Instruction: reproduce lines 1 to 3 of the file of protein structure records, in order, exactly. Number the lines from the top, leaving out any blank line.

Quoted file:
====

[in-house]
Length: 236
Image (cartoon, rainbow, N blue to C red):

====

[in-house]
Length: 236
Image (cartoon, rainbow, N blue to C red):